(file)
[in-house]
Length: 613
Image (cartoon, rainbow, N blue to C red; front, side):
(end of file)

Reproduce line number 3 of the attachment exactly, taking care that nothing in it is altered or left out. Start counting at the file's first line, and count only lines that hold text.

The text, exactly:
Image (cartoon, rainbow, N blue to C red; front, side):